[In the following, I find that I am unsure what it means when a formula does have a modal operator in the context of others that do. From what Nolt says, it seems that when there are no operators, it means we are making a statement about the “actual world”. But that is something relative, so does it mean for some world? At any rate, the idea will be that if something has the property F, then that something is possibly F.] The next two metatheorems will illustrate the interaction between quantifiers and modal operators.

METATHEOREM: The sequent ‘∃

xFx⊦ ∃x◊Fx’ is valid.(Nolt 323)

[Let us work gradually through the proof.]

PROOF: Suppose for reductio that ‘∃

xFx⊦ ∃x◊Fx’ is not valid.

[We will prove the theorem by assuming its negation. We will then show that this leads to a contradiction, which will allow us to confirm the original formulation.]

Then there is some valuation

vand worldwofvsuch thatv(‘∃xFx’,w) = T andv(‘∃x◊Fx’,w) ≠ T.

[So in order for this inference to be invalid, the premises would need to be true and the conclusion false. I am not sure, but since the conclusion involves existential quantification and the possibility operator, perhaps that means there cannot be any world where it is true. For if there is at least one world where it is true, then it is possibly true on any world.]

Since

v(‘∃xFx’,w) = T, it follows by rule 10 that for some potential name α of some objectdinD,_{w}v_{(α,d) }(Fα,w) = T.

[First recall rule 10 from section 11.2.1.

10 .

v(∃_{β}Φ,w) = T iff for some potential names α of all objectsdinD,_{w}v_{(α,d)}(Φ^{α}/_{β },w) = T;

v(∃_{β}Φ,w) = F iff for some potential names α of all objectsdinD,_{w}v_{(α,d)}(Φ^{α}/_{β },w) ≠ T;(Nolt 315)

So as we can see, because we already have *v*(‘∃*x*F*x*’, *w*) = T, that means we have the first part of the biconditional being true, namely, *v*(∃_{β}Φ, *w*) = T. That means the right side of the biconditional is true. Thus what is true is: for some potential names α of all objects *d* in *D _{w}*,

*v*

_{(α,d)}(Φ

^{α}/

_{β },

*w*) = T. Using the terms we have in our proof, that means the following is true: for some potential name α of some object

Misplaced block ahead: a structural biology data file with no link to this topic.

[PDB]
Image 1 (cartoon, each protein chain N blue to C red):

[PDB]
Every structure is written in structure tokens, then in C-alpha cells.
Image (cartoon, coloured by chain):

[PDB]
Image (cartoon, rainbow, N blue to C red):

*d*in

*D*,

_{w}*v*

_{(α,d) }(Fα,

*w*) = T. As we can see, we have substituted name α in (which designates object

*d*) for the variable

*x*. In other words, we are saying that because in a world there is some thing that is F, that means some specific thing with some name is F in that world.]

So for some world

u(namelyw) inW,_{v}v_{(α,d) }(Fα,u) = T.

[This may seem redundant. But I think the idea is that the *w* was the name for some specific world, while the *u* is a variable for worlds. But I am not sure. So it seems that we are saying that since on some specific world a specific object is F, that means there is some world where it is so.]

But then by rule 12,

v_{(α,d) }(◊Fα,w) = T.

[So rule 12 is:

12 .

v(◊Φ,w) = T iff for some worldsuinW,_{v}v(Φ,u)= T;

v(◊Φ,w) = F iff for some worldsuinW,_{v}v(Φ,u)≠ T.(Nolt 316)

In this case, we seem to have affirmed the right side of the biconditional by saying that for some world *u* (namely the world named *w*) there is a valuation that makes a proposition true in that world. It therefore is possibly true in some given specific world (in this case, *w*). So in other words, because it is true in some world, it is possibly true in some specific world.]

Hence, since

dis inD, by rule 10,_{w}v(‘∃x◊Fx’,w) = T, contrary to what we had supposed above.Thus we have established that ‘∃

xFx⊦ ∃x◊Fx’ is valid. QED

[Rule 10 again was:

v(∃_{β}Φ,w) = T iff for some potential names α of all objectsdinD,_{w}v_{(α,d)}(Φ^{α}/_{β },w) = T

Here it seems the basic idea is that since it is true for some specific object, then we can say there is an object such that it is F. But this goes against our assumption that it is false that there is some thing for which it is possible that it is F. So we have shown that the negation of our assumption is false, and thus our original theorem is true.]

The sequent says that given that something is F, it follows that something (that very same thing, if nothing else) is

possiblyF. This is a consequence of the fact that the actual world, which we may think of asw –and alsou –in the proof, is also a possible world, so that whatever actually has a property also possibly has | it. In the proof, the object which actually has the property F is objectd. Sincedhas F inw,dhas F in some possible world, i.e., possibly has F. It follows, then, that something possibly has F. This enables us to contradict the reductio hypothesis.(323-324)

The next metatheorem is:

METATHEOREM: The sequent ‘◊∃

xFx⊦ ∃x◊Fx’ is invalid.(Nolt 324)

[The idea here seems to be the following. Suppose there are two possible worlds, and we are oriented on the first one. And suppose further that there is something true on the other possible world that is not true on ours. For example, bananas are blue there but they are not here. Since they are true on at least one world, it is possibly true that there is a blue banana. However, that does not mean that any bananas in our world are possibly blue. I am not sure I follow, but maybe this is like saying, “it is not possible that any bananas in our world are blue”; for, in fact, none of them are. So we can look and look, but we will never find one.]

Our final metatheorem shows that from the fact that it is possible something is F, it does not follow that the world contains anything which itself is possibly F. Suppose, for example, that we admit that it is (alethically) possible that there are such things as fairies. (That is, there is a possible world containing fairies.) From that it does not follow that there is in the actual world anything which itself is possibly a fairy.

(Nolt 324)

From:

Nolt, John. *Logics*. Belmont, CA: Wadsworth, 1997.